BMW has included a speed camera warning function in its major software update. U.S. customers can unlock it for a fee.
BMW recently applied a major software update wirelessly to its vehicles. Among other things, this involved implementing Android Auto, an improved navigation system and optimized parking space and charging station search. BMW is also testing services that can be activated by subscription with the update, such as the activation of seat heating in the winter months.
The BMW system can only detect mobile speed cameras if users have previously reported them to Here via the app.
Not with its own detector technology
But BMW has also included a speed camera warning function called “Traffic Camera Information” in the update. This feature can be unlocked for a fee in the US. The system shows the positions of the speed cameras on the instrument screen and via the head-up display. BMW obtains the necessary data from Here maps – the map service was purchased by BMW together with Mercedes and Audi at the end of 2015. The map material is also updated by users who report speed cameras via the app. Reports in the U.S. media sometimes give the impression that BMW additionally equips its vehicles with radar and laser detectors – this is not correct, as BMW confirmed to us upon request. Such special technical equipment would make no business sense for the Bavarians in the markets where these devices would be permitted.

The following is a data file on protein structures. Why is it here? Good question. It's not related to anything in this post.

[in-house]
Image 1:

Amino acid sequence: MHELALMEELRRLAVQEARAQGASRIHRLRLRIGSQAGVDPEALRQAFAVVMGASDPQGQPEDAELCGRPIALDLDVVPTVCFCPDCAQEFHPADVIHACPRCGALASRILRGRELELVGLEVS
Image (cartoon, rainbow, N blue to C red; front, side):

The services are free of charge for the first three months after the new car is purchased. After that, BMW charges $25 (currently around 21 euros) for each 15-month period.
Technology banned almost throughout Europe
German customers need not hold out any hope for the new BMW speed camera warning technology: both the use of automated biltzer warnings via navi or app and only the carrying of operational technical devices, such as radar or laser detectors, are prohibited in this country. If the police catch a driver using a speed camera app or carrying an operational detector, the penalty is a fine of 75 euros, a point in Flensburg and confiscation of the detector with subsequent destruction. In almost all other European countries, the penalties are much more severe: fines of up to 5,000 euros, immediate driving bans, confiscation of the vehicle and imprisonment make it clear how undesirable the use of speed camera detectors is in Europe. Only Romania does not yet have a regulation – although proposals for bans are also under discussion there.